Probably reading into this part of things too much, but I still feel that the show is using each the main character’s identities to represent aspects of the ancient egyptian soul, although my working theory seems to be pretty thin. We’ll see as time goes on.

That’s all I got . . .

Yup! We’ve reached the end of the road so far. I’m definitely looking forward to next week’s episode. I hope you’ll join me for another edition of Moon Knight Unwrapped.

But if you’re still here now, what was your favorite part of the episode? Any thoughts on all the craziness we’ve seen so far? Anyone know coptic?

Leave your answers in the comments. I’m super hype to talk about this!

Moon Knight Unwrapped: The Goldfish Problem (Review + Theories)

Welcome. Welcome. FINALLY we get to talk about the first episode of the Moon Knight TV show!

It feels like I’ve been waiting forever to write this post, and I’m both sad and happy to say that it’s going nothing like I expected.

My original intent for these posts was to watch the show Wednesday night, sleep on it, and then type up a recap the next day. I felt uniquely qualified to handle such a task because I’ve written a lot of reviews on this blog about Ancient Egypt in fiction, studied the culture and history as research for my own fiction (of which only a short story, Narmer and the God-Beast, is completed), and even taken a few lessons in how to read hieroglyphs. In preparation for this show, I’ve been trying to catch up on Moon Knight comics (see my review of Essential Moon Knight Vol 1, and Jeff Lemire’s Vol 1: Lunatic, Vol 2: Reincarnations, and Vol 3: Birth and Death) and I’ve had a great time doing so, but I’ll admit that my main interest still continues to be the Ancient Egyptian aspects of the story (although multiple personalities is also pretty damn skippy. Sorry my alter ego who thinks he’s Mickey Avalon is showing through).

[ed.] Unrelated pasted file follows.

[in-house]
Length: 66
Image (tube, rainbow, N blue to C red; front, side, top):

But this is not a recap . . .

Correct! No! Whichever! After only one episode, I’m realizing that there is just TOO MUCH for me to be able to (on the timeline I had hoped) figure everything out and get it written down. I have a job, and other writing projects, and there are tons of other people who are terribly more qualified than me (both in knowledge of Marvel, and in Egyptology) who have taken up the torch . . .

So, I’m retooling the purpose of these posts. They will probably be similar to other posts I’ve written here, where I’ll talk about what I liked and didn’t like about the show. Gonna try to get these finished for Tuesday or Wednesday mornings, so any one reading it can check it out before starting the new episode.

Finally, if you haven’t watched The Gold Fish Problem, and aren’t planning on it before reading my post, Leah Schnelbach has written a pretty thorough recap in A Meet Cute with Ammit in Moon Knight’s Pilot “The Goldfish Problem” and of course Eric Voss has already done a Moon Knight Easter Egg Break Down for New Rockstars.

Anyway, enough housekeeping, let’s get to the review!

Wow! Just wow!

If you couldn’t tell, I really enjoyed almost every facet (of which there are many) of this first episode. The introduction was unique (not many shows start with the villain), and shocking (who puts glass in their sandals?!) and hooked me from the very beginning.